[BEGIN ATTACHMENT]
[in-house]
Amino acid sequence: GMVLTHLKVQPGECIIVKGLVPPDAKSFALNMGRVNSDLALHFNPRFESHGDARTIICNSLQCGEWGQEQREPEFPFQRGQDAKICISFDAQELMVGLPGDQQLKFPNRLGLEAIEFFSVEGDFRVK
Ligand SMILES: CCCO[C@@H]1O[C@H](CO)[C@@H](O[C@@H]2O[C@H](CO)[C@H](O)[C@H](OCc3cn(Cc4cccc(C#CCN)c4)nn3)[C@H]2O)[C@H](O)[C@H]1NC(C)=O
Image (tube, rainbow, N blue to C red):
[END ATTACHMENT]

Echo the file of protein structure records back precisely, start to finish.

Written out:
[in-house]
Amino acid sequence: GMVLTHLKVQPGECIIVKGLVPPDAKSFALNMGRVNSDLALHFNPRFESHGDARTIICNSLQCGEWGQEQREPEFPFQRGQDAKICISFDAQELMVGLPGDQQLKFPNRLGLEAIEFFSVEGDFRVK
Ligand SMILES: CCCO[C@@H]1O[C@H](CO)[C@@H](O[C@@H]2O[C@H](CO)[C@H](O)[C@H](OCc3cn(Cc4cccc(C#CCN)c4)nn3)[C@H]2O)[C@H](O)[C@H]1NC(C)=O
Image (tube, rainbow, N blue to C red):